Almost a year after retiring from football, former England defender Anita Asante said transitioning into coaching has been an "eye-opening" experience.
The 37-year-old called time on her playing career last spring after 19-years at the top of women's football.
She then joined Women's Championship side Bristol City as a first-team coach last summer.
The team are top of the second tier as they aim to win promotion back to the Women's Super League.
"It's easy as a player to turn up, drills are set up for you, coaches tell you what to do, everything is prepared in a way for you," Asante told BBC Sport.
"Now to see on the other side of it what it takes, all the energy and time and commitment that all the staff put in to try and support the players in their personal goals, as well as their collective goals, has been really eye-opening as well for me."
Asante won 71 England caps and also represented Great Britain at the London 2012 Olympic Games. At Arsenal she was part of the side that won a historic quadruple in 2007, winning five league titles and four FA Cups in all before spending time playing in the United States and Sweden.
Despite all her experience as a player, working on the other side of the pitch has been a challenge Asante said has pushed her out of her comfort zone.
"There's so many decisions that go into deciding the way we play, the personnel that play," she said.
"It takes a lot of brainpower, it's a lot of time commitment because there's a lot of video analysis that goes in the game today - as well as the sports science side where you're having to incorporate training plans with the team, as well to make sure the players are getting the right amount of time on the pitch and loading, and all those sorts of things.
"But really you're working towards making individuals better within a group environment, so that's the other challenge - making sure everyone can get what they need in terms of their personal development while also focusing on the team.
"That's been the part that's really been the biggest learning curve, it's how to put all these pieces together and make sure that they sing and they sing in the right way.
"It's also the fun bit, to see it come together and see us work collectively - as well as we have done across this season."
Football Focus: Anita Asante on starting her coaching career at Bristol City
Many footballers struggle with retirement, having known nothing but the structure and routine being a professional sportsperson offers.
For Asante, who joined Arsenal as a youth player and made her international debut aged 19, having plans to go into coaching helped ease the uncertainty of the transition.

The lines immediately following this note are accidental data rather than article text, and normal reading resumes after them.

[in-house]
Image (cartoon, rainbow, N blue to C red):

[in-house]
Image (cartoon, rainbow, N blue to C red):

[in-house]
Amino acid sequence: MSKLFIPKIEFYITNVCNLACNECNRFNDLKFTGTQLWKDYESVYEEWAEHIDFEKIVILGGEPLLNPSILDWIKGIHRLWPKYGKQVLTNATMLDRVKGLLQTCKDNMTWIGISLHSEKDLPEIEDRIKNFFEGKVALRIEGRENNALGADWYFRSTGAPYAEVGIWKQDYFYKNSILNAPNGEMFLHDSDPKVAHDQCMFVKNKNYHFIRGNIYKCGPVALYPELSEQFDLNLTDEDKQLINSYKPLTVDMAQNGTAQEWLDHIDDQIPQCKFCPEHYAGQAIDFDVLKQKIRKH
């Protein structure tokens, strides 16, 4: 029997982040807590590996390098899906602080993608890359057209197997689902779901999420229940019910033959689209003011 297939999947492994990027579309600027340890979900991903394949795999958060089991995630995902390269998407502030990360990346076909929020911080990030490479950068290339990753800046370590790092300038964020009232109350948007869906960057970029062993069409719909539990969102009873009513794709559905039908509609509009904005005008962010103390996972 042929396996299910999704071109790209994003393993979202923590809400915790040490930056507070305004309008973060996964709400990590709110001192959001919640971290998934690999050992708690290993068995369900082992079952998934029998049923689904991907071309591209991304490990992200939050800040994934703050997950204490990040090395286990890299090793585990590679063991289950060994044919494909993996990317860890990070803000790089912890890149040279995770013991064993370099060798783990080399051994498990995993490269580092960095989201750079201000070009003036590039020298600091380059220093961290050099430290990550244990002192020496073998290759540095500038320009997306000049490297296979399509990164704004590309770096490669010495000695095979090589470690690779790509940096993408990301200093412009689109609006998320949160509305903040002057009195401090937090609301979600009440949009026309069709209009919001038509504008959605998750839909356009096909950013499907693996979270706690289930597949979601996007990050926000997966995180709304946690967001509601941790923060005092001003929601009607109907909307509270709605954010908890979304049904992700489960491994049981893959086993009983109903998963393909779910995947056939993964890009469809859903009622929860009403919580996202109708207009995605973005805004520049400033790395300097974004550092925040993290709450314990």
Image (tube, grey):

"If you're someone that's been in the game as long as I have, when you have that structure in your life from the early ages - from 14 through to my 30s - then you really understand why transition can be so hard because that's really made up so much of my identity," Asante said.
"That's the difficult thing to separate yourself from you the player.
"But once I knew that this was something I was going to step into, as well as all the media stuff I was doing, it helped me to see myself outside of the playing environment to work in other spaces with other people, in a different world and different work capacity."
Asante completed her UEFA B coaching licence with the Football Association of Wales and it was there that she met Robins head coach Lauren Smith, who acted as her mentor on the programme.
It helped make Bristol City an obvious fit for her first role on the touchline.
As a former centre-back Asante predominantly works with the Robins defenders, but on the flipside also helps the strikers.
"We have a very young team, I think we have the second youngest team in the Championship, but now it's also developing that leadership side of it where they can take initiative, they can be proactive, they can read danger earlier and organise the players in front of them," she said.
"That's been the part that I've enjoyed because that's what I've experienced across the game as well."
Asante's dream is to coach at her beloved former club Arsenal, where she won a historic quadruple in 2007
There are only four games left of the season, with Bristol City six points clear at the top of the Championship after their win at Southampton on Saturday.
Having finished second in the table last season, securing top spot and a return to the WSL two years after relegation would cap an impressive first coaching season for Asante.
"It would be fantastic, that would be the icing on the cake for everyone in the club because I've seen how hard everyone from the top of the club, through every tier of the club, has worked to try and put Bristol on the map again, especially in the women's game," she said.
"It would just be great to get a club in the West Country in the top division."
Asante laughs when asked whether coaching at former club Arsenal is still her ultimate dream.
"You've always got to have big goals," she said with a smile.
"At the moment I'm completely invested and focused on Bristol, and what we can achieve this season."